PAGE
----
primary and secondary research summary 1


  • To complete this project, you will form small groups and choose a local problem affecting USF or in the local Tampa Bay community.
  • Each group member will complete primary and secondary research on the problem and write a 2-3 page research summary report in memo format.
  • Although you are part of a group working on a shared research problem, each group member will complete their own primary and secondary research and write their own research summary report memo.
  • Your memo should include the following section headings:
      • Memo header with Date, To, From, and Subject
      • Section headings:
        • Background Information
        • Problem Description
        • Impacted Populations
        • Problem Causes
        • References (Note: use APA format for references)

Project 3 Overview

Research in the workplace solves a problem. Tasked with a problem in the workplace, you may be asked to gather the information necessary to fully understand the issue at hand, solve that problem (or offer potential solutions), prove that your solutions are viable, and/or test your solution(s). Doing this work requires different types of research that go beyond simply querying (searching) a library database or using Google. Often, you will need to speak directly to target populations and audiences and directly contact resources and experts in different professions and in the community. You may also need information in addition to or instead of scholarly resources. Local and national journalism (newspapers and magazines) may add context and perspective. Professional experts, government agencies, and state and local authorities may serve as be relevant sources, as are individuals in target populations.

Essentially, research in the workplace requires you to think critically and creatively about:

  • The type of information you need; and
  • The best way to get that information.

Your job as a researcher is to address, explain, and/or solve a problem using the most relevant and applicable methods and resources. If a resource can supply information you need, then it is the right resource for the job.

It’s also important when thinking about a problem your researching to keep in mind that you probably aren’t the first person or organization to deal with this issue. Look at other organizations, groups, or communities negotiating the same or similar issue. Research how those groups describe and deal with the problem. The perspective of experience is invaluable to your work.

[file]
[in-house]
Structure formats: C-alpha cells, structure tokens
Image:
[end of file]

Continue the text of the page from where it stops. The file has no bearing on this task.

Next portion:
Project 3 Assignment Instructions

This project asks you to do community-based research into a local problem impacting USF or the surrounding Tampa Bay community. Your goal for this project is to describe a problem in detail using as much information as you can gather from as many different kinds of sources as are useful. This project requires a mixture of primary research and secondary research. This means you may look at research gathered by others (e.g., government agencies, non-profit organizations, professional and academic experts), but you will also gather your own data by contacting experts and asking impacted population for their perspective.

Once you have formed small groups and agreed on a local problem, you will conduct research using any of the following methods and resources, or anything else that helps you explain the scope of your problem. Remember that your report must include a mixture of primary (original) and secondary (published) research.

As a deliverable, you will produce a report memo approximately 2-3 pages in length that reports your findings and provides readers with a robust understanding of the problem you have researched.


Upon successful completion of this project, you will be able to:

  • Identify and engage with a problem-based scenario similar to those found in the workplace
  • Develop primary and secondary research skills appropriate for addressing a specific problem
  • Integrate research into a written deliverable
  • Develop professional writing and editing skills
  • Practice writing for a specific (local) purpose and audience
  • Produce a specific genre of professional discourse (research summary report in memo format)